Former Exodus Leader Alan P. Medinger Died
June 29th, 2010
Alan P. Medinger, former Executive Director of Exodus International (the office’s title has now been changed to President) and former Executive Director of Baltimore/Washington-based Regeneration Ministry passed away on Monday morning. He is survived by his wive, Willa, two daughters and a son, and several grandchildren.
Medinger is probably best known for his book, Growth into Manhood: Resuming the Journey, in which he recounts a theory of homosexuality which is essentially identical to Joseph Nicolosi’s reparative therapy model. This model puts forward the claim that homosexuality is the result of poor parental bonds and same-gender modeling, particularly with the father. According to that theory, the lack of a male bond with the father results in a “gender identity deficit” with a resulting “inner sense of emptiness.” In Growth into Manhood, Medinger refers to his own homosexuality as being the result of specific “choices” he made in childhood:
For me, a couple of those factors were decisions that I made quite early in life. I have a vivid memory of lying in bed one night as a young boy, listening to my parents fight, and saying to myself quite smugly, “They can never hurt me. No one will ever hurt me.” I believe that I made a decision that night to never be emotionally vulnerable. As a consequence of that decision, until my conversion years later, I would never be free to truly love anyone.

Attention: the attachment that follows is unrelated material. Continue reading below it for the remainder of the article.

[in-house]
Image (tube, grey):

Medinger claimed to have experienced a sudden, miraculous “healing” from homosexuality on November 26, 1974 as a result of prayer. He started Regeneration in 1979. He was the first Executive Director of Exodus International, and he held that position until 1985.
In Medinger’s writings, he would occasionally reference several of the more unsavory characters in the anti-gay political movement. In Growth into Manhood, he refered to Holocaust revisionist Scott Lively’s book, The Pink Swastika, as source material for evidence of the “super-warrior” type of gay man:
Another type is the man who exalts manhood to the extreme. At the same time, he denigrates womanhood, and as an outgrowth of this, he sees a man (usually a younger man or teenage boy) as a more desirable sexual partner. This type of man seldom shows any deficit in manhood. To the contrary, he may be the warrior or super-man type. This phenomenon was seen in the ancient Greeks and Romans and more recently in the Nazis. There may be an element of love for the younger man who is the object of the older man’s attractions, but the older man seems driven by male idolatry rather than gender emptiness.
The core thesis of Lively’s book is that homosexuality was at the root of the Nazi party, and that the natural consequence of equal rights for LGBT people in society would be the return of violent fascism. This theme, which has been rejected by every reputable historian, is the relentless focus of the entire book.
Medinger also cited discredited “researcher” Paul Cameron, for example, in this Regeneration newsletter of 1994 in which he cited Cameron’s widely discredited “obituary study” to claim that gay men only live, on average, to age 41.